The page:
Friday, March 7, 2014

Rhythm Guitar Lesson

I've been teaching guitar lessons professionally for around 15 years, and certain things keep coming up. I've been wanting for a long time to record the core set of lessons that I teach various students on day one. I can't teach every student everything, but there are a dozen or so ways to get started playing guitar. Each approach has a different focus.

Here's the first of the series:



Of course, there are a lot of details not covered in the video. So here I'm sharing further notes that touch on things I typically cover in the next several lessons (with varying amount of detail, depending on each student).


Tuesday, January 28, 2014

Homage to Pete Seeger 1919-2014

Today, I reflect on the passing of one of my few great heroes. Pete Seeger was first and foremost known as a musician, but he was much more than that. For Pete,
music was a vehicle. At his core, he was an activist for cross-cultural understanding, civil rights, a healthy environment, love, justice, and inclusion.

In my own essay about my teaching approach, I  quoted from Pete's guitar book which somehow cut right to the core in a way none of the other 400+ guitar books I've read have done. His sense of perspective was just wonderful, and he cared about people more than about music.

I don't need to provide any biographical overview here as Pete has been, thankfully, recognized and honored by millions of people. The Wikipedia page linked from the picture above goes through the details. The simple fact is: the core energy that Pete had was unfortunately unusual. He was a man of deep integrity who lived all his life working for a better world.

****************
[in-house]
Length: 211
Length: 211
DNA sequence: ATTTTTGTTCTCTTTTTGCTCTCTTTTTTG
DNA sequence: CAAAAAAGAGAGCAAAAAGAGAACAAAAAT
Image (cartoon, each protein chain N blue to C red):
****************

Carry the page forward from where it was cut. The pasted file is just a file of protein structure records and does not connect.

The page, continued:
I grew up listening to his music and conscious of his notable roles in the civil rights, environment, anti-war, and labor movements. Still, it wasn't until I began my own deep explorations of folk musics from around the world and struggling with my own feelings about my music career that I really came to appreciate Pete more deeply.

As a musician, Pete was the essence of what I call being expressive instead of impressive. Im- means in. To impress someone means that the energy goes inward from them to you. By contrast, to be expressive means to send your energy out as a gift to others. That is the core of Pete Seeger as a musician: a performer who didn't care about his performance. Every element of his music was about tearing down any walls between himself and his audience. Unlike other sing-along concerts and pop music idolatry, nothing about a Pete Seeger experience was contrived. He cared only about making everyone else feel appreciated, welcome, and connected. He wanted nothing more and nothing less than for everyone in the world to join together in harmony, recognize our common human heritage, and work together for peace and justice worldwide.

I could go on and on about how the core values that Pete expressed inspire me and provide such a great model for a life well-lived. For what it's worth, I know Pete would celebrate the cultural freedom and open participation that I am promoting now through my website: Snowdrift.coop.

Pete Seeger lived a humble and sincere life of great service. I encourage everyone to learn about his legacy and continue the important work needed to achieve a peaceful, healthy world where we can all sing together in harmony while celebrating our connections with each other and the rest of living things as well as our marvelous diversity.

Addendum: Probably the best example of Pete other the prototypical examples of his most famous songs, All Mixed Up written in 1960:


Thursday, August 1, 2013

Move to Oregon, announcing Snowdrift.coop

Up to now, I've been negligent in updating this site in 2013. Here's the brief explanations and highlights: